Wednesday, July 17, 2013

Sisters vs. the Wolves

Little Red Riding Hood has to be one of the most iconic fairy tale characters we know. In Sisters Red, Jackson Pearce explores Red from a different perspective. And if you like fairy tales, you are going to want to check this one out!

Scarlett saw her grandmother devoured by a Fenris (werewolf doesn't even come close to describing the terror they bring). At such a young age, she was able to kill the wolf and save her younger sister, but not before the wolf scarred her forever and took her eye. Now, a scarred shell of the carefree girl she used to be, Scarlett throws herself into hunting with everything she has. And beyond her sister Rosie and their childhood friend Silas, hunting pretty much is the only thing happening in her life. 

Rosie knows she owes Scarlett her life, and she intends to pay that debt. Even though she dreams of things beyond hunting like a life and boys, she knows she owes everything to Scarlett and would never leave her. But when Silas returns, he is more than the boy next door to her, and she is more than little Rosie to him. When the wolves begin to congregate and multiple packs arrive in Ellison, the three realize what they are after: a Potential. A wolf can only be made through a potential, so all packs have an invested interested in finding him before the moon phase is over. Scarlett, Silas, and Rosie head to Atlanta to research and hunt in bulk, but they learn far more than they ever expected, both about the wolves, and about themselves.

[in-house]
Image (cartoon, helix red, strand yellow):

I love retold fairy tales. Cinder was one of my all time favorites. This is a really fun new imagining of Little Red Riding Hood. I didn't think it was the same caliber or complexity of Cinder, but I legitimately thought it was an exciting and fun story! I liked having the two personalities between Rosie and Scarlett, but I really loved Silas. And when Silas fell for Rosie, it was so clear that Scarlett had just a hint of jealousy, as Silas was always the only man who ever really saw her scars... and more importantly, they didn't disgust him. Scarlett's connection to Silas was never romantic, but the idea of him with Rosie hurts more than she would have expected it to. It was interesting watching her struggle with the idea of being the third wheel to the only people who mattered to her.

But that is not how Rosie and Silas see Scarlett. There is no real love triangle here, just a really special and unique relationship between three people who would all die for one another. It was a beautiful touch to this long lived fairy tale, and I wanted more! I think this would be great for any middle reader. There is a smidge of violence, but it is all behind the curtain or "fade to black" kind of violence. I also think I could see a young adult who really loved fairy tales getting into this series. I am looking forward to the next Retelling!

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